One of the highlights of talks earlier this month in Washington between the U.S. and India was the Obama administration's description of India as an emerging power not just in South Asia but thoughout Asia. A joint statement issued after the talks said Washington welcomes India's leadership role in helping to shape the rise of a stable, peaceful and prosperous Asia. Some analysts say this could sharpen the existing rivalry between India and China and determine Asia's future.
"India is a leader in Asia and around the world," said President Barack Obama. "It's a rising power and a responsible global power."
President Barack Obama at the India/US Strategic Dialogue. He said relations between the two countries will be a defining partnership in the 21st century.
This is the first time the U.S. has described India not just as a power in South Asia, but in all of Asia, says Teresita Schaffer, a senior South Asia analyst at the Center for Strategic and International Studies,or CSIS.
"I think it is a very important shift in perspective on the U.S. part," said Teresita Schaffer.
That brings up the question, she says, of how India-U.S. relations connect with their relations with China.
"We have an interesting new model developing where nobody is interested in picking a fight with China, but where India and the United States have a strong interest in seeing that as Asia develops - the whole, large region - it develops with a kind of equilibrium among the major players," she said.
Assistant Secretary of State Robert Blake agrees and points to India's recent "look-east" policy and its increasing influence in Southeast Asia.
"And I think we've begun to really have a quite serious conversation about how the United States and India can work more together in Asia," said Robert Blake.
But India's increasing influence in Asia and, on top of that, its new strategic partnership with the United States may prove irksome for China, says Stephen Rosen of Harvard University. He says it might tempt China to force India to be deferential.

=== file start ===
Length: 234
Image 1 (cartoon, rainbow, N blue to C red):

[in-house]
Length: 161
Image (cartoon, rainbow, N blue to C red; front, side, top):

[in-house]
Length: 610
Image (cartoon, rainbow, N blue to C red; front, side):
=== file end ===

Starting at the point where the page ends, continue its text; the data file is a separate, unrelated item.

"Now that India is getting notions about economic growth, strategic partnership with the U.S., a somewhat more extended role globally, China might want to remind India that China really is India's daddy and any time China wants to beat up India it can," said Stephen Rosen.
But Jacqueline Newmyer of Long Term Strategy Group says China does not have to confront India directly. It is doing so indirectly, she says, by making significant inroads in the South Asia countries surrounding India.
"It has already been publicly revealed that the Chinese are contributing to the port infrastructure in Gwadar in Pakistan, and in Sri Lanka," said Jacqueline Newmyer. "And now the Indians are also facing a Chinese facility in a port in Bangladesh armed with Chinese supplied anti-ship missiles."
She says India is already concerned about China's close military relations with Pakistan.
"From India's point of view, China successfully has carried out a strategy of helping Pakistan - building up Pakistan's military, contributing to Pakistan's nuclear programs, contributing to Pakistan's infra-structure," she said.
And Stephen Rosen says China is also concerned about India's strategy in Tibet and its support to Tibet's spiritual leader, the Dalai Lama, who so far has been able to convince his followers that violence is not the answer. But he says the situation might change after his death.
"The level of unrest in Tibet may go up and the Indian government may not simply walk away, saying whatever China does is acceptable to us," he said. "It might, but it might not."
Rosen says although India and China are trying to improve their economic and trade relations, both are vying for dominance in Asia.
Analysts agree that the newly-developed strategic partnership between India and the United States can go a long way in shaping Asia's future. They say the crucial factors in that would be the relations between India and China, and also their respective relations with the United States.